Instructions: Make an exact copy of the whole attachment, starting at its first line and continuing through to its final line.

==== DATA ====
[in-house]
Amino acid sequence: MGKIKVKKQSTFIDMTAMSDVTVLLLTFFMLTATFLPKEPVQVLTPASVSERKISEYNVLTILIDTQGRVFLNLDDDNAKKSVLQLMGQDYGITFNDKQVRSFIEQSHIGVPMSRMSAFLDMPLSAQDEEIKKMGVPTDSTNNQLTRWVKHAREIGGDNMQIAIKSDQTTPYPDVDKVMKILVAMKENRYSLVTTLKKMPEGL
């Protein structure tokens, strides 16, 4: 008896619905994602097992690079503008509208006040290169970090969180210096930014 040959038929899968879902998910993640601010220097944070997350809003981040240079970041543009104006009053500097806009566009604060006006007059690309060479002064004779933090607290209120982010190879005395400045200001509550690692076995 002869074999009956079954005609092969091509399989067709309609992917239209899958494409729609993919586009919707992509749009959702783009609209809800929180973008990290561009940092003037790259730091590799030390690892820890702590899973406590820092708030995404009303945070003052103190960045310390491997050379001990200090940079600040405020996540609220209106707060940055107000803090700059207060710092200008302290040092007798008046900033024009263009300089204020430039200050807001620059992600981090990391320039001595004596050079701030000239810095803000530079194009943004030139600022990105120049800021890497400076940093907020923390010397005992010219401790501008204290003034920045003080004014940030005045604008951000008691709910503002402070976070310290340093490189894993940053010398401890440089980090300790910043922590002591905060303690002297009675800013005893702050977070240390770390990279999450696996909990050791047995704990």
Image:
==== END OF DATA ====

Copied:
[in-house]
Amino acid sequence: MGKIKVKKQSTFIDMTAMSDVTVLLLTFFMLTATFLPKEPVQVLTPASVSERKISEYNVLTILIDTQGRVFLNLDDDNAKKSVLQLMGQDYGITFNDKQVRSFIEQSHIGVPMSRMSAFLDMPLSAQDEEIKKMGVPTDSTNNQLTRWVKHAREIGGDNMQIAIKSDQTTPYPDVDKVMKILVAMKENRYSLVTTLKKMPEGL
């Protein structure tokens, strides 16, 4: 008896619905994602097992690079503008509208006040290169970090969180210096930014 040959038929899968879902998910993640601010220097944070997350809003981040240079970041543009104006009053500097806009566009604060006006007059690309060479002064004779933090607290209120982010190879005395400045200001509550690692076995 002869074999009956079954005609092969091509399989067709309609992917239209899958494409729609993919586009919707992509749009959702783009609209809800929180973008990290561009940092003037790259730091590799030390690892820890702590899973406590820092708030995404009303945070003052103190960045310390491997050379001990200090940079600040405020996540609220209106707060940055107000803090700059207060710092200008302290040092007798008046900033024009263009300089204020430039200050807001620059992600981090990391320039001595004596050079701030000239810095803000530079194009943004030139600022990105120049800021890497400076940093907020923390010397005992010219401790501008204290003034920045003080004014940030005045604008951000008691709910503002402070976070310290340093490189894993940053010398401890440089980090300790910043922590002591905060303690002297009675800013005893702050977070240390770390990279999450696996909990050791047995704990």
Image: